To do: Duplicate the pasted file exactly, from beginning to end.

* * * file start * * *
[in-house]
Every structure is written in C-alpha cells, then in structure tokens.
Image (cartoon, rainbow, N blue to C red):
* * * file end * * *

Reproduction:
[in-house]
Every structure is written in C-alpha cells, then in structure tokens.
Image (cartoon, rainbow, N blue to C red):